Dr. Sora H. Friedman
Professor and Chair, International Education MA Program, SIT Graduate Institute

SIT traces its history back to 1932, when Experiment in International Living founder Donald Watt created one of the earliest international youth exchange programs. Watt believed that the only way that the world would be at peace is if people learned to be able to live with each other. How would they do that? Well, by actually living together!

I had the chance to experience this firsthand as a teen, when I left my suburban Maryland home for 10 weeks to live with a host family in Bolivia. It was my first time on a plane, outside of the U.S., spending time with people of a different religion, and my love affair with international educational exchange was cemented. I later spent my junior year in Colombia and worked for an exchange program, after which I moved to Vermont to pursue my master’s in international education at SIT. After graduate school, I continued working in the field and upon completion of my doctorate in cultural studies, returned to Vermont to join SIT’s faculty full-time.

As you can see, international education has always been part of my life. Little did I know that my early exchange student experiences would lead to a career in the field, and while I entered the field unknowingly, it was my love of learning about people and places, the thrill of finding commonalities and celebrating differences, the chance to see the seeds of peace sowed among my participants, the lighting up of a student’s eyes once they understood a theory or concept, that has kept me going for 35 years.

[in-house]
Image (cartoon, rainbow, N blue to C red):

Why is international education important today? For the same reasons it was when I first got interested in being an exchange student more than 40 years ago, and for the same reasons it was when Donald Watt took that first group across the Atlantic 86 years ago. We will never learn how similar we are if we only focus on our differences. We will never learn how to accommodate (which is much more than just tolerate) our differences if we don’t learn to live together. We will never learn to live together if we don’t just do it, and international education is what makes that possible.

As a professional in the field, I see trends in international education program management changing all the time. They include an increased focus on health, safety, and crisis management; a greater use of technology to connect with home while abroad; and a rising number of women working in the field. I also see continued challenges in access and equity in education for the world’s poor, for girls, and for members of marginalized groups such as racial minorities, first-generation students, and immigrants.

What has not changed is the need for international education programs. As educators, we must continue to support our youth in their efforts to learn across cultures. The need for this kind of experience does not diminish over time. In fact, as the world grows smaller due to technological advances, the need for this kind of experience increases. We see every day how easy it is for xenophobia to take root, for distrust of “the other” to grow, for division to continue. As Watt demonstrated ahead of his time, only by living together will successive generations learn to live together. The need for international education will never grow out of date.

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World Learning empowers people, communities, and institutions to create a more peaceful and just world.